Vitamin D status and relationship between vitamin D and risk factors of metabolic syndrome : a study in Taiyuan City in China : a thesis presented in partial fulfillment of the requirements for the degree of Master of Science in Human Nutrition at Massey University, Manawatu, Palmerston North, New Zealand
Vitamin D deficiency is widespread, and the residents in Taiyuan City in China seem
to be at high risk of vitamin D deficiency. The situation might be because the city is
located in north China and air pollution in the city is heavy. Meanwhile, emerging
evidence suggests that vitamin D deficiency may be associated with prevalence of
metabolic syndrome (MetS), which usually progress to diabetes and increases the risk
of cardiovascular disease. MetS has been becoming much more common in China,
and even affects younger people.
This study investigated the vitamin D status of non-manual workers living in Taiyuan
City; and explored the relationship between vitamin D status and markers of MetS in
200 participants attending the Health 100 Check-up Center in Taiyuan City for their
usual health check.
In this cross-sectional study; 200 non-manual workers aged 20-80 years old, living in
Taiyuan City were recruited. The participants had their serum vitamin D levels
measured and were asked questions about their lifestyle, including daily exercise,
alcohol use and smoking. The Check-up Center provided data relating to MetS of the
participants. These data included anthropometrics (height, weight and body
circumferences), biochemical data (lipid profiles and fasting glucose from blood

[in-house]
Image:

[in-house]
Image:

samples taken for the check-up) and blood pressure.
Seventy eight percent of participants had vitamin D values less than 50 nmol/L. The
women’s serum 25-hydroxyvitamin D (25(OH)D) status (median; 32.70 nmol/L
(upper and lower quartile; 25.80, 43.80)) was significantly lower than that of the men
(44.00 nmol/L (32.30, 55.40)) (p<0.01). In females aged younger than 40 years
vitamin D status (29.25 nmol/L (24.05, 40.85)) was significantly lower than older
participants (age>65). In the present study, multiple linear regressions showed the
determinants of the vitamin D status were female gender, smoking, and increased
fasting glucose (p<0.05). The prevalence of MetS, or abdominal obesity between the
groups with and without vitamin D insufficiency were not significantly different
(p=0.08; p=0.07). Multiple logistic regression analysis showed that vitamin D status
was not associated with MetS.
Vitamin D insufficiency was highly prevalent in non-manual workers in Taiyuan City
in China during the winter season. Vitamin D status in the women was lower than the
men. Among the females, younger women had worse vitamin D status than the older
women. So, in the present study, female gender, increased fasting glucose, and
smoking were significant determinants for vitamin D insufficiency. Vitamin D
insufficiency was not associated with the risk factors for MetS in the present study.
However, female gender, increased waist circumference (WC), and raised serum
triglycerides were associated with higher risk of MetS.